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Keeping career plans up to date

IN my newly published leadership development program I refer to a widely used definition of ‘career’ for discussion with the participants … career – a profession or occupation chosen as one’s life’s work.

I point out there are two important deficiencies with this definition in the modern world of work. Firstly people’s ‘professions’ are not necessarily continuous paths through their work lives. Secondly, their ‘life’s work’ hopefully entails a little more than what is happening at the office or factory.

The trend towards multiple path careers, as opposed to single tracks, is demonstrated daily by the people I encounter across the spectrum of government and business organisations I work with.

Randall was a civil engineer before he became a human resources manager with a major resources company. He spent six years in government before winning a related role with his present employer. Over a period of time his understanding of business processes and the nature of people who worked in his industry prepared him well for the role he currently performs.

Consequently, the package of skills he brings to bear adds leverage to the wellbeing of staff, and the bottom line.

Caroline was a sales assistant in retail clothing who completed a supervisory course at TAFE and became a customer service team leader with Telstra. She added practical qualifications to her aptitude for enabling people to buy what they wanted and thereby opened a door on a range of opportunities across a number of companies related to telecommunications.

Randall and Caroline are everyday examples of people who have adapted their ‘profession’ to opportunity as opposed to following a single occupation. There are a number of notable consequences that follow this increasingly apparent move towards multiple ‘careers’.

p People who embark on discontinuous careers are judged on their effectiveness on each assignment that they complete. Consequently they are gauged from job to job, as opposed to their ‘track record’.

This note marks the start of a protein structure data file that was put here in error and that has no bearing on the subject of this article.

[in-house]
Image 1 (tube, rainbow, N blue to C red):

p Such ‘careerists’ need to ensure the people who employ them recognise their contribution and take measures beyond wages and job satisfaction in order to retain them. In other words, employers need to understand the conditions that many contemporary workers seek separate from the basic ‘package’. Equally, people who seek diverse careers need to negotiate effectively for the extras they want in order to enrich their serial career.

The notion of successful balance between work and home is a particularly popular part of my leadership program. It is interesting to note the number of people in more senior roles in organisations who seek more from their careers than an endless onwards and upwards spiral related to money and complexity.

For such people the notion of career development can turn around a range of variables related to renewal as opposed to promotion. Examples of renewal factors include:

p reassessing your personal values in relation to what you are trying to accomplish at work and home;

p seeking opportunities for solitude and quiet in order to reflect on broader life issues; and

p looking at alternative career options, such as project work, lateral transfer, part-time or contract work.

It can thus be seen that, for increasing numbers of people, the business of career planning has moved away from interview techniques and ways to write remarkable resumes. There is increasing need for the individual to prefix this activity by plotting their own pathway and seeking out specialist resources to review their circumstances and plan the road ahead.

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